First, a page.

Last month I had the privilege to travel to Shanghai to work with the Oracle OpenWorld Green Team at a site inspection for their July 2013 event. My role was to learn about how local event suppliers were already adapting to sustainability challenges, and how they might be encouraged to develop a coordinated sustainability strategy for the event.
What did I learn? That China does indeed have its fair share of sustainability challenges, from severe air pollution to cancer villages and human rights concerns. Problems that are outside of our ability in the event industry to immediately solve. Should these problems cause us to boycott China as a meeting destination, or embrace our buying power to make situations better where we have the ability to influence change?
One thing is clear based on my recent visit: we in North America have our own share of sustainability issues, and it may not be correct to assume that China is trailing in terms of sustainable hospitality and event potential. But don’t take my word for it, check out the following postcards from our trip, ask your own questions and sound off on your conclusions.
|Site inspections of host hotels revealed 100% use key card-activated rooms to minimise energy use. All properties were also participating in some type of proprietary or government-endorsed energy benchmarking program. While the power mix in China remains dominantly non-renewable, green building upgrades like this reflect recent Chinese government mandates to increase energy-efficiency.|
|The Intercontinental Shanghai Expo displays its IHG “Green Engage” credentials prominently to staff back of house, whose community service activities supporting Mifan Mama are also prominently celebrated in photos along service corridors. Where government programs may be lacking, proprietary environmental management systems like Green Engage can fill a gap by structuring and promoting improvement at the property level.|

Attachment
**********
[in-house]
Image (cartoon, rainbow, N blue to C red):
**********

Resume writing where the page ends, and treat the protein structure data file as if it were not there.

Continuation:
|Intercontinental Shanghai Expo staff is reminded to care for property assets and avoid waste. No polystyrene or disposables are used onsite.|
|Linen and towel reuse were offered at 100% of properties visited. 75% of hotels required guests to opt out of standard linen reuse. 25% required opt into the program.|
|While not necessarily administered by large companies, recycling is practiced by residents and commercial businesses in Shanghai. China has recently claimed increased investment of US$320 billion in recycling programs.|
|The Sheraton Shanghai Pudong encourages guests to reduce waste by practicing portion control at buffets...|
|...and minimising use of paper towels in public restrooms.|
|Restaurant menus at the Sheraton Shanghai Pudong clearly identify certified organic options. While China does have its own organic label, many hospitality companies rely on external organic standards in order to address food safety issues.|
|Onsite digital signage throughout the Shanghai Expo Centre will eliminate a significant amount of temporary event signage for Oracle OpenWorld, a financial and environmental gain.|
|Upon arrival and departure, Shanghai travellers are reminded "Water is precious, so start conserving it now". In spite of efforts by government, hospitality businesses and event planners like you, I and Oracle, it is indeed the choices of individual Chinese consumers and the country’s growing environmental movement who will determine if the future of their country and the planet can indeed be sustainable.|